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Rising Risk of Big Tornadoes Suggest A Climate Change Signal

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posted on Aug, 11 2014 @ 08:27 AM
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a reply to: rickymouse

You asked a question: Wouldn't fracking changes these currents? My answer is that since water is injected as part of the fracking process, then yes, more than likely they would change. The water would be more conductive than the stone. However, when you look at geomagnetic maps, you do not see regular deviations due to fracking. It is well known where fracking is taking place, so if there were effects, they would be seen and investigated. Such is not the case.

Check out these links. Geomagnetism is an important factor being researched, measured and mapped by the USGS. It's the "space weather" that influences our geomagnetic fields. Feel free to explore as there is much more than the following links available.

Hazard mapping

Geomagnetically induced currents

There is a ton of resources available at the USGS website. If you live near a USGS regional office you may find them to be quite friendly and helpful in answering your questions. You can also buy some rather interesting maps of various types there as well.

I understand what you are saying about experience and focus. I do not know what you do for a living, but consider that if you had been doing it for the last 30 - 40 years (this is just an exercise) and knew your job inside and out, how would you feel about someone with zero practical experience, zero educational experience telling you that, because you told them their idea was not practical, told you that your thinking was one dimensional, insipid, and lacked creativity simply because you did not accept their hypothesis?

There is a guy here on ATS that thought that planet collisions behaved exactly like billiard ball collisions... I am no astrophysicist but even I know better than that. The guy told me I was, in other words, stupid for not accepting his model of the universe regarding collisions..... I see this all the time. There is nothing wrong with stretching the imagination or posing questions or what ifs... However one should maintain an open mind as much as possible.

I will not even say that there is zero chance that fracking does not have some type of effect on localized field anomalies. However I would state that I am 99.9% sure that fracking does not affect the direction or intensity of a tornado by any measurable degree. Is it an opinion? Yep... I have not participated in such a study, nor am I aware of a study involving fracking and it's effect on weather, let alone tornadoes.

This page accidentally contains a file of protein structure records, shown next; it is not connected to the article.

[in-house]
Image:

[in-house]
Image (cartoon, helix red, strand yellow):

edit on 11-8-2014 by bbracken677 because: (no reason given)




posted on Aug, 11 2014 @ 12:16 PM
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a reply to: bbracken677

I am a residential builder. I was also a foreman and inspector for government jobs involving insulating houses for a while, so I had a big interest in how energy flows most of the time. I had many people working under me in the past.

I know the feeling of the young trying to make things easier, it usually ends up bad. I was ambitious like that when I was young so I could relate to my workers. Experience is the best teacher and in the case of building, every person on the crew works together, so everyone follows a set pattern. Since I was the boss, I got to choose the way to do things.

I had a worker ask me once if he could put the soffit on a shed after the siding. I told him that I have been doing it this way for a long time. I told him I can't remember why. So I said go ahead. When he went to put the soffit on, the siding made it impossible to nail it. It took him hours of frustration to get the soffit on, vs. about twenty minutes of easy carefree work. He never questioned me again, just did what I said. I memorize patterns or sequences well, that way you can do things automatically without thinking about it. So I didn't remember why I do it that way, until he started having problems.

I'm going to go look at the sites you posted. It is strange that there wouldn't be seeing deviations, but is there a way to compare an old map to a new map? We are dealing with change of deviation caused by a change in the crust. Not with "well, this seems about normal" Like I said, it is well known that tornadoes follow paths in some areas. These paths are caused by something. I am sure mountains and forests can alter wind direction and form the tornado, but something guides them along the normal alley they have followed for a long time. Now disappearance of an underground aquifer would also possibly cause a change in the path, or the disappearance of underground streams feeding springs. We are depleting underground water reservoirs at alarming rates. All these kinds of things effect geomagnetics on a local basis.